Ms. Walker argued that the victim had bruising on her hands and forearms consistent with “defensive wounds” made while fighting back against her killer.
“She never once gave a different cause of death,” Ms. Walker argued of Ms. Ellis. “And there’s no spinal cord injury ... She never changed her opinion. This has always been strangulation.”
Ms. Walker also pointed to the opinion of Dr. Anthony Juguilon, another coroner who “thought the cause of death was strangulation. He thought the same thing in 2016.”
Ms. Walker also questioned why the victim would have been wearing a t-shirt with blood on it.
“You don’t put on dirty, bloody comfy clothes” after work, Ms. Walker said. “Why is his blood all over her shirt?”
Ms. Walker told jurors the defendant’s DNA was under the victim’s fingernails.
Ms. Walker argued that the defendant was infuriated by the victim posting a topless photo of herself on an online chat group when she lost a bet with others about former President Donald Trump winning the Republican nomination. A copy of the post “is on [Sills’] phone and printed in his office,” Ms. Walker said.
The prosecutor also said the couple had been arguing and noted one text message sent to her husband saying, “I am trapped—there is no way out.”
“She wants out,” Ms. Walker said. “He’s not going to let that happen.”

Defandant’s Argument

Mr. Earley argued that if the victim and defendant were in a life-and-death struggle, the son and daughter would have heard something.
“Don’t you think she'd make a peep?” Mr. Earley said. “All of that happens before she died and there isn’t a peep?”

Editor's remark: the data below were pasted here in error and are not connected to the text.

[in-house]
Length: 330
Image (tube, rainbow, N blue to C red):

Mr. Earley sought to explain away the “elephant in the room” regarding the bloody drapes in the room the victim was sleeping in as the result of an earlier cut while changing out a screen. He told the jurors that there appeared to be an “impression” of a hand in the stain.
The couple’s daughter had discussed replacing the curtains previously, Mr. Earley argued.
“And I guess he also cleaned the carpet [in the bedroom] without disturbing the dog hairs,” Mr. Earley said.
The defense attorney said the victim had valium in her system and had gone a day or two without eating before she fell down the stairs.
“So it’s having its effect,” he said of the drug. “And we know it’s late at night. And we don’t know how she fell.”
Mr. Earley also poked at the prosecution’s claim that the stairs were not steep enough for a woman of the victim’s size to suffer a fatal fall. He said the calculations were “30 percent off.”
The defense attorney said that while the two would argue at times it wasn’t anything out of the ordinary.
“I don’t think there’s any motive proven here,” he said.
He characterized the prosecution’s explanations for motive as “very exotic theories.”
Mr. Earley also argued that one investigator on the case took notes quoting Ms. Ellis as initially saying the victim’s injuries were consistent with a fall.
Mr. Earley also said that Mr. Sills agreed to take the topless photo of his wife and was in on the joke, but when he got too busy at work their daughter took it instead.
Mr. Earley said Susann Sills was an indispensable part of the couple’s Center for Advanced Genetics fertility clinic in Carlsbad. She was the center’s nurse, receptionist, and office manager, he said.
Before she died, the victim had taken valium, which is a muscle relaxant, and Tramadol, a painkiller, to treat her migraine, but the two aren’t meant to be mixed. He also said she struggled with a “fainting disorder,” and vertigo when her migraines hit their hardest, he said.
The scarf was used in case she felt nauseous and had to wipe her face.